649. ‘For a bribe of a quart of wine, he would allow a boon companion of his to lead a vicious life for a whole year, and entirely excuse him; moreover (on the other hand) he knew very well how to pluck a finch,’ i.e. how to get all the feathers off any inexperienced person whom it was worth his while to cheat. Cf. ‘a pulled hen’ in l. 177. With reference to the treatment of the poor by usurers, &c., we read in the Rom. of the Rose, l. 6820, that ‘Withoute scalding they hem pulle,’ i.e. pluck them. And see Troil. i. 210.

654–7. ‘He would teach his friend in such a case (i.e. if his friend led an evil life) to stand in no awe of the archdeacon’s curse (excommunication), unless he supposed that his soul resided in his purse; for in his purse [not in his soul] he should be punished’ (i.e. by paying a good round sum he could release himself from the archdeacon’s curse). ‘Your purse (said he) is the hell to which the archdeacon really refers when he threatens you.’ See, particularly, Wyclif’s Works, ed. Matthew, pp. 35, 62, 496.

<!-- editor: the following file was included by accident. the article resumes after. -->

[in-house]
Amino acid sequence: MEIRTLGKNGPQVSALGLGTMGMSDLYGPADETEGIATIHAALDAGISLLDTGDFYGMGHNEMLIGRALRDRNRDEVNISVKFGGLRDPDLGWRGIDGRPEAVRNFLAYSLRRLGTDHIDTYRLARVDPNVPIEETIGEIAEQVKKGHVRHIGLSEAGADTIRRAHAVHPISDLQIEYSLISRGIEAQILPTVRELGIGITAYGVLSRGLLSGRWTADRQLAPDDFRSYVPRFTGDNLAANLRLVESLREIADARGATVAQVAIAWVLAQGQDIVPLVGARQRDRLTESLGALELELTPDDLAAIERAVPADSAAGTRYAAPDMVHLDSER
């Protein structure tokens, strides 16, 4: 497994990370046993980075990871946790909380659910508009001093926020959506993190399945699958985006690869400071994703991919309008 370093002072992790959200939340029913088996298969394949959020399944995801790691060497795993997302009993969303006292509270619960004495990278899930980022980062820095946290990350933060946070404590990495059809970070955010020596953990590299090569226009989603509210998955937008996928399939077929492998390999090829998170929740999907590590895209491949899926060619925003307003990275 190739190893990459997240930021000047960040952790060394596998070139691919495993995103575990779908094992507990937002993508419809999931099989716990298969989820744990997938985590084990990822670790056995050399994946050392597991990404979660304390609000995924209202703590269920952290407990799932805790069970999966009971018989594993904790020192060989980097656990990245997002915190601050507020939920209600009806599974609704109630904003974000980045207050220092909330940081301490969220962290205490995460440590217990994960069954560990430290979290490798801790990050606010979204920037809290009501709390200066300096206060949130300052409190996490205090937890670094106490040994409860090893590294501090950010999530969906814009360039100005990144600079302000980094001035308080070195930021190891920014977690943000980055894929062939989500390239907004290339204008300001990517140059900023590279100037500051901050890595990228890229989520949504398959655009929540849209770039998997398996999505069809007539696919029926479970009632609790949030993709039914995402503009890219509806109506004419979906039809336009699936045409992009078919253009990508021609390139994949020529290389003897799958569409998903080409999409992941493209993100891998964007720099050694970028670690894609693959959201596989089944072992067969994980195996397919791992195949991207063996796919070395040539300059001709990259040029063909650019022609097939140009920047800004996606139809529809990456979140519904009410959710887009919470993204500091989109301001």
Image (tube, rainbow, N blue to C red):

661. assoilling, absolution; from the vb. assoil.

662. war him of, i.e. let him beware of; war is the pres. subj.

significavit, i.e. of a writ de excommunicato capiendo [or excommunication] which usually began, ‘Significavit nobis venerabilis frater,’ &c.—T. See Significavit in Cowel or Blount.

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663. In daunger, within his jurisdiction, within the reach or control of his office; the true sense of M. E. daunger is ‘control’ or ‘dominion.’ Thus, in the Romaunt of the Rose, l. 1470, we find:—

  • ‘Narcisus was a bachelere,
  • That Love had caught in his daungere.

i.e. whom Love had got into his power. So also in l. 1049 of the same.